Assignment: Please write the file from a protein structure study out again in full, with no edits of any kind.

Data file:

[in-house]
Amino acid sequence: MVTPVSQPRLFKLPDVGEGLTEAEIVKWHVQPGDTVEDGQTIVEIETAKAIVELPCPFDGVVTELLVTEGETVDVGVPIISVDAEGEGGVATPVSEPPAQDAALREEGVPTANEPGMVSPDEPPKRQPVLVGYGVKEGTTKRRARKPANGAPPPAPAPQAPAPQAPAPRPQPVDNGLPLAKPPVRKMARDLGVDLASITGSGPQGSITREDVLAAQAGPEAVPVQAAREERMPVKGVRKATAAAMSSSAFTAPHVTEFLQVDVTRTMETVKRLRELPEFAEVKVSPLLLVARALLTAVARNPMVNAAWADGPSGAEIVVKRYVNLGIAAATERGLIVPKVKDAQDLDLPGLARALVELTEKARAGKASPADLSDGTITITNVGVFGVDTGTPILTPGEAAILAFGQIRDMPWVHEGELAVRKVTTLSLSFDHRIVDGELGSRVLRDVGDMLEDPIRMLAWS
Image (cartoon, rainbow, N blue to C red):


[in-house]
Amino acid sequence: MVTPVSQPRLFKLPDVGEGLTEAEIVKWHVQPGDTVEDGQTIVEIETAKAIVELPCPFDGVVTELLVTEGETVDVGVPIISVDAEGEGGVATPVSEPPAQDAALREEGVPTANEPGMVSPDEPPKRQPVLVGYGVKEGTTKRRARKPANGAPPPAPAPQAPAPQAPAPRPQPVDNGLPLAKPPVRKMARDLGVDLASITGSGPQGSITREDVLAAQAGPEAVPVQAAREERMPVKGVRKATAAAMSSSAFTAPHVTEFLQVDVTRTMETVKRLRELPEFAEVKVSPLLLVARALLTAVARNPMVNAAWADGPSGAEIVVKRYVNLGIAAATERGLIVPKVKDAQDLDLPGLARALVELTEKARAGKASPADLSDGTITITNVGVFGVDTGTPILTPGEAAILAFGQIRDMPWVHEGELAVRKVTTLSLSFDHRIVDGELGSRVLRDVGDMLEDPIRMLAWS
Image (cartoon, rainbow, N blue to C red):